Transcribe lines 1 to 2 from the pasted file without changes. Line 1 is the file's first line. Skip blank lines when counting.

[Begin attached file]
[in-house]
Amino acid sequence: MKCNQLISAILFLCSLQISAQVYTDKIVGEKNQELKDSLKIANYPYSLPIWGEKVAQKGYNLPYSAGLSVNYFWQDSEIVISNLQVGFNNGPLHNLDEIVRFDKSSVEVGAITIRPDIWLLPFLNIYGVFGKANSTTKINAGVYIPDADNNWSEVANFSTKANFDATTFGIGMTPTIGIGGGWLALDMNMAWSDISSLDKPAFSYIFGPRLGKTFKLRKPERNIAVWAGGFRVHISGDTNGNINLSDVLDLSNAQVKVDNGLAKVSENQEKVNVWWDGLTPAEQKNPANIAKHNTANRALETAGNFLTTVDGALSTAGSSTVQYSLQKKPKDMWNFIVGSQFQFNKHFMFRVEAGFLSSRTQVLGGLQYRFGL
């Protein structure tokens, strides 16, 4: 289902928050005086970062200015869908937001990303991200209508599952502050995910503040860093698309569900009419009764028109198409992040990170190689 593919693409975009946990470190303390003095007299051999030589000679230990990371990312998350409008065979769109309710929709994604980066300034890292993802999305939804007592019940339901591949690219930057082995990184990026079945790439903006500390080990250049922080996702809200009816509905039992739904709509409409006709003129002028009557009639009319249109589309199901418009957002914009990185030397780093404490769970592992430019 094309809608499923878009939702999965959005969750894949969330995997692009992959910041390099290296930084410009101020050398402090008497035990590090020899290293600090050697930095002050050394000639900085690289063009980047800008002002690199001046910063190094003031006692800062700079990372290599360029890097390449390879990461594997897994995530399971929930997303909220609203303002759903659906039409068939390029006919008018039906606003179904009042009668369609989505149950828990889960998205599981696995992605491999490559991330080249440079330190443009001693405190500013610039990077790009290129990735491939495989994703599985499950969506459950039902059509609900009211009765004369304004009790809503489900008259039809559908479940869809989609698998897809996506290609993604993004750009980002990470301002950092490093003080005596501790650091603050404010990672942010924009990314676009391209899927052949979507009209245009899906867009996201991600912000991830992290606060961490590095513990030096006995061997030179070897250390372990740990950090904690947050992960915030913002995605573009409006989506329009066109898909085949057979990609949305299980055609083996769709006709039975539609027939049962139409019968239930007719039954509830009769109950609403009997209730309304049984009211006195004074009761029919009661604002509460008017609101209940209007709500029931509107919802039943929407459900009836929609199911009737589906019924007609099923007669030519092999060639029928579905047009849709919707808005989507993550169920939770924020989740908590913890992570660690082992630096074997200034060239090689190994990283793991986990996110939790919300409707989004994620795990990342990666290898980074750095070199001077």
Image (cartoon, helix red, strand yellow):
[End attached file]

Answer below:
[in-house]
Amino acid sequence: MKCNQLISAILFLCSLQISAQVYTDKIVGEKNQELKDSLKIANYPYSLPIWGEKVAQKGYNLPYSAGLSVNYFWQDSEIVISNLQVGFNNGPLHNLDEIVRFDKSSVEVGAITIRPDIWLLPFLNIYGVFGKANSTTKINAGVYIPDADNNWSEVANFSTKANFDATTFGIGMTPTIGIGGGWLALDMNMAWSDISSLDKPAFSYIFGPRLGKTFKLRKPERNIAVWAGGFRVHISGDTNGNINLSDVLDLSNAQVKVDNGLAKVSENQEKVNVWWDGLTPAEQKNPANIAKHNTANRALETAGNFLTTVDGALSTAGSSTVQYSLQKKPKDMWNFIVGSQFQFNKHFMFRVEAGFLSSRTQVLGGLQYRFGL